Table 5 shows for investors who qualified for A class shares (or alternati vely no load class shares ) how much the investorwould pay to hold the underlying funds directly if he or she duplicated the TDF with A class sharesor no load class shares . 8 For example, from Table 5 , an investor who only qualifies for A shares would have to duplicate the target date fund with A shares and would incur an expense ratio of 102bp s in doing so. Thus , an investor who could only

7 We report two entries for retirement funds: the average and the maximum. Many funds offer a number of classes of retirement funds. They differ in whether the fund or the retirement plan handles some of the administration of the plan. Since we cannot determine how these costs are split, we report the maximum which for most funds means the administrative costs are borne by the mutual fund family.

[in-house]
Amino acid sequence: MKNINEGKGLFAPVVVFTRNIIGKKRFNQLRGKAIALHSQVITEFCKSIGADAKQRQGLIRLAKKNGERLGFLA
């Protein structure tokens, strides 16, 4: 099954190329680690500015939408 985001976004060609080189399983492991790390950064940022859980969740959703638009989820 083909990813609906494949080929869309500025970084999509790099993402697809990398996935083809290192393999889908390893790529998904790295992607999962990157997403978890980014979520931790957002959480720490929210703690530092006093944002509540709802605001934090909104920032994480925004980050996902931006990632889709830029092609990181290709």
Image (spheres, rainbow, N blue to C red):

8 We limit this to A class and no – load class since these are the classes for which we can find un derlying funds of the same class for a meaningful number of TDFs.

hold A shares is only paying an additional fee of 9.6bp s for the services provided by the TDF management. Likewise, we see that for an investor who could buy no – load shares, the additional charge is only 4 bp s . When we make this comparison , the additional charges from holding a target date fund are small. Target date funds provide access to low – cost classes of mutual funds and charge a fee at the TDF level to capture the advantage to investors who would have to buy a more expensive class of the underlying fund. Since TDFs predominantly or exclusively hold funds within the same fund family, the split of expenses depicted in Tabl e 5 between the TDF and the underlying funds is a matter of little consequence to the target date fund sponsors.